(CHARLOTTESVILLE, Va.) — Jurors watched video testimony Monday morning from “Jackie,” a woman at the center of a defamation suit against Rolling Stone magazine by a former associate dean at the University of Virginia.
Her haunting tale as the alleged victim of a vicious sexual assault at a prominent fraternity that was depicted in the magazine’s retracted article, “A Rape on Campus,” stunned the nation and invigorated a widespread discussion on sexual assault on college campuses.
Video of Jackie’s deposition from April of this year was shown before a 10-person jury in Charlottesville federal court as part of a $7.85 million defamation suit filed by a former associate dean, Nicole Eramo, at the University of Virginia against Sabrina Erdely, the writer of the “A Rape on Campus” story that was published in Rolling Stone magazine, and the magazine itself. Monitors were turned off for the rest of the gallery to preserve Jackie’s identity.
In the video deposition, Jackie testified that she thought details of her alleged rape were private and that Erdely would focus her reporting on sexual assault advocacy.
“I was under the impression that they were not going to be published. I was naïve,” she said in the deposition.
Jackie said that she did not understand what phrases like “on-the-record” or “off-the-record” meant. When she expressed her concerns to Erdely a few weeks before the story’s publication, Erdely told her it was too late to back out, according to Jackie.
“I remember her telling me there was no way for me to pull out at that point,” Jackie said. “I remember feeling scared and overwhelmed and unsure of what to do. I felt like I was getting a lot of pressure from a lot of different people and I didn’t know what to do. I did not want to participate in the article at that point.”
Jackie said she was worried about the way Eramo would be portrayed in the article, admitting she had trouble sleeping and suffered anxiety leading up to publication of the article.
“I believe that Ms. Erdely was concerned about the administration as a whole, and Dean Eramo was a part of that and I didn’t want Dean Eramo hurt,” Jackie said. “I respected and cared about Dean Eramo.”
The 9,000-word Rolling Stone article published in 2014 captured in graphic details the night Jackie says she was allegedly brutally gang raped by several men when she was a freshman at the University of Virginia. The article also described her as supposedly facing callous indifference from college authorities.
But following the publication, police announced that they had no reason to believe a rape as Jackie had described it had taken place. The article was retracted after a Columbia Journalism School report found it to be “a journalistic failure,” including Erdely’s failure to interview any of the alleged perpetrators of the crime.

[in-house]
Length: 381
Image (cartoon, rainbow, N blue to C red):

Attorneys for Rolling Stone said they still believe their reporting about Eramo and the university’s handling of sexual assault reports is “accurate and well substantiated,” according to court documents. Last year a U.S. Department of Education investigation determined that UVA did not immediately respond to some sexual assault complaints and created a “hostile environment” for victims, Rolling Stone emphasized.
“We made journalistic mistakes with respect to Jackie’s story and we have learned from them, but these mistakes do not support Dean Eramo’s lawsuit,” the publication said in a statement to ABC News last Thursday.
“The depiction of Dean Eramo in the Article was balanced and described the challenges of her role. We now look forward to the jury’s decision in this case.”
Former UVA Associate Dean Nicole Eramo says she was unduly maligned by her portrayal in the debunked article. She says Erdely portrayed her as the chief villain in the story: an uncaring, callous and ineffective voice who sought to suppress Jackie’s claims.
Eramo is seeking $7.85 million, based on the damages inflicted upon her reputation, career and health.
Erdely admitted in court that many mistakes were made in her reporting of the story.
“I wish that Jackie had not been in my story,” Erdely said last week during her testimony. “It wasn’t a mistake to rely on someone emotionally fragile. It was a mistake to rely on someone intent to deceive me.”
She maintains that her story did not damage Eramo’s reputation.
“She still works at the university, she still got a pay raise,” Erdely said last week.
Attorneys representing Jackie argued earlier this year that the deposition would re-traumatize Jackie because they say she is a sexual assault survivor.
Eramo and her attorneys argued it was important for Jackie to provide details behind her motivation to allegedly fabricate a story that was read by millions.
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